Battle Ground School District board members reviewing a new health curriculum
By Julia Dawn Seaver
While you’re enjoying the slower pace of summer, your Battle Ground School District Board is hard at work reviewing a new health curriculum — read gender identity and sex-ed — for high school students.
If you didn’t know about it, it’s probably because that was the intention, two years ago when the curriculum was first being designed, Office of the Superintendent of Public Instruction (OPSI) Communications Manager Nathan Olsen, in a phone call with the Family Policy Institute of Washington, said they had no plans to issue a press release or otherwise notify parents of the changes. It’s been implemented in various forms in cities across the state and has now come to Battle Ground.
Currently, the only way to see the materials is to make an appointment with the Curriculum Department to view it at the district office. A quick review shows the intention to adopt gender language and controversial claims. It reads that chromosomes help determine a person’s “assigned sex” and that “parents assign gender to a baby when the baby’s biological sex is identified at birth.” It further claims that sexual identity is inborn or present at birth, but a newer classification, Rapid Onset Gender Dysphoria that occurs in the context of peer groups and online influences, has been recognized. There doesn’t appear to be any reference to the well-reported studies showing 80-95 percent of children will change their minds before adulthood and become comfortable in the body they were born with if not pushed into transition.
Discussing birth control methods, women and girls are reduced to body parts when describing certain types that are “used by people who have a uterus and ovaries.”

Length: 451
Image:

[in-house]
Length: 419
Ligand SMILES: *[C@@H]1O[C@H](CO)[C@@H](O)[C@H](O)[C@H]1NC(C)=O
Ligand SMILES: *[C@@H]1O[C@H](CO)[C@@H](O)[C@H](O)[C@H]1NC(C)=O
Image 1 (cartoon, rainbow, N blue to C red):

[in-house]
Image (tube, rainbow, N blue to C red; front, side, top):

It appears the material seeks to conflate transgender people with those born with sex chromosome anomalies like Turner syndrome and Klinefelter syndrome, and intersex people with atypical sexual anatomy.
There is also an exercise that has three students demonstrate three ways to ask someone out. It states that the gender of the students is not important and if two students of the same gender are asking each other out teachers should “stress that they should not be mocking of gay relationships.” Volunteers can opt-out if they are uncomfortable.
It’s puzzling why schools would teach students how to ask someone out on a date. Even more so when a look at the Washington State Report Card reveals fewer than 60 percent of third–eighth graders are meeting the standard in English and Math. Eleventh graders are doing a little better in English but much worse in Math.
The board of directors accepted the first reading of the curriculum at its meeting on June 25 with one dissenting vote. It’s anticipated they will vote to adopt the curriculum at the next meeting Mon., July 9 at 6 p.m., Lewisville Campus, 406 NW Fifth Ave., Building C, Room C-26. Some public comments, limited to three minutes, are allowed at meetings.
Julia Dawn Seaver